Chancellor may rue corporation tax hike

Paul Johnson, the director of the Institute for Fiscal Studies, writes in the Times that Rishi Sunak’s hike in corporation tax is unlikely to raise the additional £17bn a year that the chancellor is banking on. Indeed, the proposed increase could reduce foreign direct investment by 5% from 2023, says Professor Michael Devereux of the Oxford University, with a considerably bigger negative effect on investment overall. This, asserts Johnson, will push down wages and living standards over the long run.

The Times, Page: 37

Bootle: Let’s prove forecasters wrong and aim for tax cuts

Chairman of Capital Economics Roger Bootle says in the Telegraph that figures for the economy so far this year are better than expected and if forecasts from the OBR prove over pessimistic (and the Government should make sure they are just that) then the Budget’s raft of tax increases may yet turn out to be unnecessary. “In that case, the Chancellor would be in a good position to rescind them and even to introduce some judicious cuts before the next election.”

The Daily Telegraph, Business, Page: 4

Higher taxes urged for Scots earning more than £40,000

The think tank IPPR Scotland has called on the next Scottish government to hike taxes for anyone earning more than £40,000 a year to avoid having to make spending cuts. IPPR is proposing to add about £260 a year to the income tax bill for higher rate taxpayers and reduce the threshold at which that rate becomes payable to £40,000. If those changes are carried out, it estimates that by 2024/25 they would be bringing in an additional £700m annually for Holyrood.

The Times


Government under pressure to strike EU deal for the City

The Telegraph’s Lucy Burton reports on bankers’ expectations ahead of an outline memorandum of understanding set to be drawn up between the UK and the EU on financial services at the end of this month. Whatever the outcome, EY‘s financial services head Omar Ali says, the risk of fragmentation in the sector is high, which is “bad for all users of financial services, not just in the UK.” Although the City has not yet experienced the predicted exodus of banking talent, if there is not some sort of equivalence without the threat of it being removed after only 30 days, bankers earmarked to relocate are unlikely to stay put, one bank executive said.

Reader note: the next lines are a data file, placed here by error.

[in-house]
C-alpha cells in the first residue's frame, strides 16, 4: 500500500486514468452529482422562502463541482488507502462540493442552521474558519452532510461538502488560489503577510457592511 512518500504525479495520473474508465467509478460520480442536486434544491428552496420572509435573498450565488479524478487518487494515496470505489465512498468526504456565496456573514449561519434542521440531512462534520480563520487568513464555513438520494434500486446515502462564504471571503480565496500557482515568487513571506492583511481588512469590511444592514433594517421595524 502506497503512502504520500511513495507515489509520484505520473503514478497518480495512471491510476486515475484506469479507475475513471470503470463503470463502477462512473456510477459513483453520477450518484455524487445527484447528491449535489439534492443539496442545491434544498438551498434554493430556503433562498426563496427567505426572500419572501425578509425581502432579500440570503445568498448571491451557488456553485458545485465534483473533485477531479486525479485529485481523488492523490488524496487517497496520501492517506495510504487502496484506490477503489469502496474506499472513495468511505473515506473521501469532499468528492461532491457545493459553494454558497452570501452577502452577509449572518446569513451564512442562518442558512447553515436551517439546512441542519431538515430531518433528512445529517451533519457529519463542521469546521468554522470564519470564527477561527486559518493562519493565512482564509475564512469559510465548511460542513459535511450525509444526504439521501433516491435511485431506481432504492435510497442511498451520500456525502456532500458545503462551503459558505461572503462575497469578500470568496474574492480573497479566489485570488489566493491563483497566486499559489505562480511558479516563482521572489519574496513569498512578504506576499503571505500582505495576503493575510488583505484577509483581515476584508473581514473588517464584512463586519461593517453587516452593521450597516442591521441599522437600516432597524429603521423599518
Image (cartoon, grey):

The Daily Telegraph, Business, Page: 2


Lockdown drives up number of new breweries

The number of breweries in the UK increased by more than 200 last year despite the impact of the virus crisis on pubs and bars, according to a new report. UHY Hacker Young said there were now more than 3,000 breweries across the country. The firm’s James Simmonds said: “Growth in breweries during a very difficult period for the drinks industry is a positive sign. Entrepreneurs clearly feel confident in the prospects for a bounce back once pubs and bars can open again. People’s appetite for trying new beers from different breweries has contributed to the long-term rise in new breweries being set up. The sector hasn’t fallen into the trap of discounting. With the closure of pubs and bars, smaller breweries have had to adapt to direct-to-consumer models.”

The Times, Page: 11 The I, Page: 40 Daily Express, Page: 46


Graduates jostle in an overcrowded jobs market